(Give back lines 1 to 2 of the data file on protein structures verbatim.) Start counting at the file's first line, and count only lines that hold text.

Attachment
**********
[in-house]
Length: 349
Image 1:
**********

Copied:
[in-house]
Length: 349